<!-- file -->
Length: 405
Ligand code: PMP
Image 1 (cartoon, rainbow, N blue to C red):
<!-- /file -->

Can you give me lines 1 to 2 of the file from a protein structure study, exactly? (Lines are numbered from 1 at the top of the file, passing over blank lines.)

Length: 405
Ligand code: PMP